Washington, DC–Special agent, Shannon Muldrow, files civil action lawsuit against the United States Attorney General, William Barr, for discrimination against women in the FBI. Muldrow claims that the requirements that have been put in place for the promotions she has applied for, and is certainly qualified for, have been impossible for her to complete because it would require her to leave her children for an extended period of time to work in the Washington, DC FBI Headquarters. Kelley Brooks Simoneaux, founder of the Spinal Cord Injury Law Firm, is working alongside long-time civil rights attorney, David Shaffer, on this case.
This particular case is important to Ms. Simoneaux because as a working mom she knows the challenges faced by working moms on a daily basis. Ms. Simoneaux, mother of two, hopes that this case will set a legal precedent which would make it illegal to have policies and procedures in place that discriminates against parents, and mothers, in particular.
Law360, in their article about this new case noted that Special Agent Shannon Muldrow was knocked out of the running for two promotions because the requirements are designed to benefit men and discriminate against women with child care responsibilities.
“This is a disparate treatment and disparate impact case brought by an exceptionally qualified female Special Agent challenging the FBI’s promotion practices that allow managers to choose their friends and preselected candidates by ignoring FBI policies and procedures,” Muldrow’s attorney, David J. Shaffer, told Law360.
Even though Muldrow had told Assistant Special Agent in Charge, Kristin Rehler, that she could not complete a temporary duty travel assignment in D.C. because she could not get child care, Rehler advised that people “make choices” and pointed to the fact that Muldrow had “family commitments” and had “made a choice,” according to the complaint.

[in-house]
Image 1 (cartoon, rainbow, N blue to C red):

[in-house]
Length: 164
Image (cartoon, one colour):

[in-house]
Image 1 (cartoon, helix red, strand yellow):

“It is more difficult for female FBI agents who have minor children to leave their family to work for extended periods of time on [temporary duty assignments] at [FBI headquarters in] Washington, D.C., than it is for male FBI agents to do so,” Muldrow alleged. “Rehler used this practice to discriminate intentionally against SA Muldrow by requiring Special Agent Muldrow to complete a [temporary duty assignment] before being promoted.”
Muldrow added that this policy of favoring agents that spent time at headquarters “has a disparate impact on female agents,” as it favors people that aren’t primary caregivers, a burden that tends to fall on women.
Her lawyer, Schaffer, added that this practice results in the “severe lack of representation by women and minorities in FBI management.”
According to agency data, white males account for the overwhelming majority of FBI special agents, making up 67.2% of that workforce. White women account for 16.2%, and Black, Hispanic, and Asian men each account for between 3% to 5%. Minority women — Black, Latina, Asian, American Indian, Alaska Native, Hawaiian, Pacific Islander, and multi-racial — together account for less than 4% of special agents.
Muldrow is represented by David J. Shaffer and Kelley Brooks Simoneaux of David Shaffer Law PLLC.
Counsel information for the FBI is not yet available.
The case is Muldrow v. Barr, case number 1:20-cv-02958, in the U.S. District Court for the District of Columbia.
If you would like more information about this case, please contact Kelley Brooks Simoneaux at firstname.lastname@example.org.